Rep: Asexuality and Bisexuality

All Out edited by Sandra Mitchell

Why Read?: An incredible collection of stories by talented queer authors, stories that encompass a variety of genres/time periods, and so much queer rep I can cry.
Rep: It covers a lot: bisexuality, trans, ace. There’s something for everyone.

Noteworthy by Riley Redgate

Why Read?: A capella group, exploration of intersectional issues, and the balance between discussing serious issues and humor.
Rep: Bisexuality

Picture Us in the Light by Kelly Loy Gilbert

Why Read?: Absolutely stunning prose, a strong and complex main character that will break your heart, honest writing
Rep: M/M

Summer Bird Blue by Akemi Dawn Bowman

Why Read?: Akemi knows how to tug on your heart strings, ties together music and hope, and an incredibly unique writing style
Rep: Asexuality

We Are Okay by Nina LaCour

Why Read?: Talks about how to survive grief, explores the human spirit, a guarantee to make your soul ache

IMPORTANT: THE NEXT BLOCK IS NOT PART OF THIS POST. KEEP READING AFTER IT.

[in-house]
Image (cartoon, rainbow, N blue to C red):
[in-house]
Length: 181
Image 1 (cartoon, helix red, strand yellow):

Rep: F/F

Radio Silence by Alice Oseman

Why Read?: Main characters that you’ll fall in love with instantly, a portrayal of strong friendship, centers around a podcast and fan art
Rep: Demi and Ace

Girls of Paper and Fire by Natasha Ngan

Why Read?: Incredibly developed world, a forbidden romance, and characters that are not afraid to fight for what they love
Rep: F/F

When the Moon was Ours by Anna-Marie McLemore

Why Read?: Prose that you can taste, characters with so much feeling it hurts, well done magical realism
Rep: Transgender

Let’s Talk About Love by Claire Kann

Why Read?: A diverse cast of characters, an exploration of identity and sexuality, a strong sense of humor